Glitching Out at Holodeck’s Austin Music Video Fest Showcase

by Nick Hanover

Holodeck Records

Brian Eno tends to say a lot of smart things but one of my favorite Eno quotes comes from his diary A Year with Swollen Appendices. Speaking about a theory he coined “the sound of failure,” Eno observed that

“Whatever you now find weird, ugly, uncomfortable and nasty about a new medium will surely become its signature. CD distortion, the jitteriness of digital video, the crap sound of 8-bit – all of these will be cherished and emulated as soon as they can be avoided.”

Out at the North Door last night for Holodeck Records’ Austin Music Video Festival showcase, Eno’s theory ran on a loop in my brain. Holodeck is by no means the first or only entity to be defined as much by texture as sound, but seeing their video work collected in one setting drove home how perfectly they represent Eno’s observation, and not just because “the jitteriness of digital video” is a literal description of their logo:

Holodeck Records

With its origins as a cassette label, essentially converting releases by artists like S U R V I V E to a “dead” format, Holodeck has the sound of failure in its very DNA. But as the showcase proved, the label’s embrace of music videos in particular has been a key component of their evolution and ascent up the ranks of hip boutique labels. Working primarily with video artists Melissa Cha and Chris Rusch, the Holodeck aesthetic has come to mean digital murk, the hazy intensity of their recorded output blossoming via videos that look as dark as the songs feel, in a literal and metaphorical sense.

Rusch’s video for S U R V I V E’s “Copter” serves as a convenient representation of the entire Holodeck aesthetic spectrum, with its balance of abstract, glitched out imagery and brutalist urban style. “Copter” doesn’t have the explicit horror elements of the Troller and VVV end of Holodeck, it instead maintains a mood of menace by lurking in the shadows of a city, honing in on the sharp lines and brooding escalation of architecture and development, subtly connecting it to the more expressionist style of earlier S U R V I V E videos.

The Samantha Glass video for “Hidden Arrangements,” also directed by Rusch, is darker in tone and symbolism, emphasizing natural decay and the growth it sparks rather than the cold intimidation of urban development. Not coincidentally, “Hidden Arrangements” also has a more organic texture, with the grain amped up to fit the grit of the dirt that is present in almost every scene, causing moments like a living burial to feel raw and vivid.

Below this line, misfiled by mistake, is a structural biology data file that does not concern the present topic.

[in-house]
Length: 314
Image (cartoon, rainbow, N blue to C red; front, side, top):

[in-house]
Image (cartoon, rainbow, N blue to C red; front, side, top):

Both of these works immerse you in Holodeck’s aesthetic in an almost tactile way but Cha’s videos for Troller take a more symbolic approach, bringing Holodeck’s natural darkness to life through cult imagery and sensuous torment. In “Nothing,” the glitches are in reality itself, as monstrous creatures hold an unholy birthing ritual, impregnating a woman with something more insect-like than human, culminating in her sacrificing herself to bring its dark, grimy force into the world.

It might seem a little odd, then, that Holodeck’s newest recruit is Lou Rebecca, a French pop singer whose music is sensual and airy. But Rebecca’s self-directed “Fantôme” video, which premiered at the event, makes the connection clearer, utilizing washed out film and moody lighting to establish Rebecca as the soft, glowing light peeking out of the darkness. Rebecca’s video aesthetic has always embraced the same distortion and grit Holodeck love so much, but where they tend to skew towards the sinister Rebecca seems drawn to the comfort of a well-worn material.

Rebecca’s passion for choreography also fits in with the Holodeck style, something I hadn’t thought to connect the label with until last night’s event, where Louisianna Purchase’s performance in Troller’s Cha-directed “Not Here” video eventually led into Dylan Cameron’s “Infinite Floor” clip, directed by Daniel Everett. The former is a more subtle kind of choreography, with Purchase doing a solo routine for the pleasure of some creepy masked figures, but the latter is a sweaty mass of passionate bodies. The two videos serve as excellent showcases for Holodeck’s queerness as well, portraying gender fluidity in unique and beautiful ways, offering a welcome change of pace from indie rock’s disappointing fascination with uber-straight titillation.

Taken altogether like this, Holodeck’s video work proves that while their aesthetic focus is extremely disciplined it nonetheless has exceptional range, shutting down any argument that artists who utilize the “weird, ugly, uncomfortable and nasty” elements of an archaic medium like video only do so ironically or as a gimmick. Holodeck’s ouevre not only breathes new life into technology that others have forgotten but highlights how useful the broken machinery of previous eras can be for creating a truly visceral experience, its natural texture as adept at transporting you to certain times and memories as a unique scent. It seems certain that this won’t be the last time Holodeck is singled out as an entity that understands the power and potential of music videos and digital distortion.

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Nick Hanover got his degree from Disneyland, but he’s the last of the secret agents and he’s your man. Which is to say you can find his particular style of espionage here at Ovrld as well as Loser City, where he mostly writes about comics. You can also flip through his archives at  Comics Bulletin, which he is formerly the Co-Managing Editor of, and Spectrum Culture, where he contributed literally hundreds of pieces for a few years. Or if you feel particularly adventurous, you can always witness his odd .gif battles with his friends and enemies on twitter: @Nick_Hanover